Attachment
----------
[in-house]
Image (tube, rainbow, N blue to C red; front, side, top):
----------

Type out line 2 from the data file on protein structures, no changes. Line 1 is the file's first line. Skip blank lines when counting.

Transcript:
Image (tube, rainbow, N blue to C red; front, side, top):